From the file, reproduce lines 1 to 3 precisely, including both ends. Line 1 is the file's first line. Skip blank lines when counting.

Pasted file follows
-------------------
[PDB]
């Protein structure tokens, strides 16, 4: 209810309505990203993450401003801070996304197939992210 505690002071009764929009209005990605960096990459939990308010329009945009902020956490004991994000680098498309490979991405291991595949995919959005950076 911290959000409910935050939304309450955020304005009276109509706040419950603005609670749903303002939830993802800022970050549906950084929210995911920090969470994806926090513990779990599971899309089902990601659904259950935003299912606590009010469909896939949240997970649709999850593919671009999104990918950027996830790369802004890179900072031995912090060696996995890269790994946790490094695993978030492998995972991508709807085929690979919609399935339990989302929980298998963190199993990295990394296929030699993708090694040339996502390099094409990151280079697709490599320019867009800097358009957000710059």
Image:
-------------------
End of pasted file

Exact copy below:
[PDB]
């Protein structure tokens, strides 16, 4: 209810309505990203993450401003801070996304197939992210 505690002071009764929009209005990605960096990459939990308010329009945009902020956490004991994000680098498309490979991405291991595949995919959005950076 911290959000409910935050939304309450955020304005009276109509706040419950603005609670749903303002939830993802800022970050549906950084929210995911920090969470994806926090513990779990599971899309089902990601659904259950935003299912606590009010469909896939949240997970649709999850593919671009999104990918950027996830790369802004890179900072031995912090060696996995890269790994946790490094695993978030492998995972991508709807085929690979919609399935339990989302929980298998963190199993990295990394296929030699993708090694040339996502390099094409990151280079697709490599320019867009800097358009957000710059």
Image: